Some of you may know the story of Nag's Head, North Carolina. Now a popular vacation spot, this beach community got its name from the practices of the "land pirates" who lived here in the 18th century. The pirates called themselves "bankers" because they had devised a novel use for a tall sand bank, or dune, now known as Jockey's Ridge.
On stormy nights, the bankers would hobble an old horse, hang a lantern around the poor beast's head, and walk him across the top of the dune. (Hence the names "Nag's Head" and "Jockey's Ridge.") The lantern was visible far out at sea.
Sailors aboard nearby ships would see the light and conclude that it belonged to another ship safely moored in a harbor. The position of the horse atop that bank gave the wrong impression of the distance to shore. Many a captain took the bait and headed toward the bobbing light -- coming to grief on the rocky shoals of Nag's Head, which some call "the graveyard of the Atlantic."
The bankers would then raid the disabled ship, kill everyone on board, and steal everything. The bankers did not care about human life. Their sole thought was for acquisition.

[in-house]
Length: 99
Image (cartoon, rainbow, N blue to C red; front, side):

This story teaches us an important truth about human nature: Without law, people will show their truest selves. We are barbarians. We are killers. We are worse than beasts.
Hence the need for regulations.
Make no mistake: The bankers are still with us, still luring in the unwary, still using promises of safe harbor to fool the humble into catastrophic decisions. A certain notorious street in New York provides a haven for the most bloodthirsty bankers ever to assail humankind.
Today's bankers have many horses. One of those nags has recently identified himself: Scott Brown
I'm sure he'll enjoy his rewards -- the bucket of oats, the occasional carrot. Obviously, he likes to be mounted. And he doesn't mind wearing the lantern.